Kiribati - Health

All health services are free. A nurses' training school is maintained at the 160-bed Central Hospital in Tarawa. There are four medical districts, each with its own medical officer and staff. Each inhabited island has a dispensary, and there is a medical radio network linking all the islands. In 1990, there were 1.8 hospital beds per 1,000 inhabitants. In 1998, there were 0.3 doctors, 2.4 nurses, and 0.05 dentists per 1,000 people. The population of Kiribati had increased access to safe water (99%) and sanitation (100%) in 1993.

Tuberculosis remains the most serious public health problem (about 200 cases per 100,000 people in 1990); other endemic diseases are leprosy, filariasis, and dysentery. There was a cholera outbreak in 1977, after which projects to construct water and sewage pipes were speeded up. Vitamin A deficiency, frequently causing night blindness and xerophthalmia, is a common occurrence among children in Kiribati. The prevalence of xerophthalmia was almost 15% in children in 1994.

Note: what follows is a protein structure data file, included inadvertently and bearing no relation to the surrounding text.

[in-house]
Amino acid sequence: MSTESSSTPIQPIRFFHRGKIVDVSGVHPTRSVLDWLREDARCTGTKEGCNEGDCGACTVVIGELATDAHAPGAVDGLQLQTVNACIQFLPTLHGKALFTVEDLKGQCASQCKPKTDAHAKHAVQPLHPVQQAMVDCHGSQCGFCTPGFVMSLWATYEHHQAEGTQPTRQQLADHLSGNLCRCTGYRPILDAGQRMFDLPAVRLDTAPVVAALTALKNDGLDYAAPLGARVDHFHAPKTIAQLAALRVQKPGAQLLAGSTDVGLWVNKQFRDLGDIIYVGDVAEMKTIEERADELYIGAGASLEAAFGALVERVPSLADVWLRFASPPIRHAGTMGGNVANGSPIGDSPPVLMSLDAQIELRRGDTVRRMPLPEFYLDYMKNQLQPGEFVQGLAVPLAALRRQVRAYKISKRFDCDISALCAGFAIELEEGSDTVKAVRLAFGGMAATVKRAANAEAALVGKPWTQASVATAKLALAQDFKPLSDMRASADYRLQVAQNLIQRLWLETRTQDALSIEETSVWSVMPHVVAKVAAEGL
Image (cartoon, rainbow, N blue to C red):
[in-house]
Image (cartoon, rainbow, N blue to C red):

Infant mortality was estimated at 53 per 1,000 live births in 2002 and average life expectancy was 60.5 years. The immunization rates for a child under one were as follows in 1995: diphtheria, tetanus, and whooping cough, 60%; polio, 100%; measles, 100%; and tuberculosis, 60%. As of 2002, the crude birth rate and overall mortality rate were estimated at 31.6 and 8.8 per 1,000 people respectively. The total fertility rate was estimated at 4.3 births per woman.

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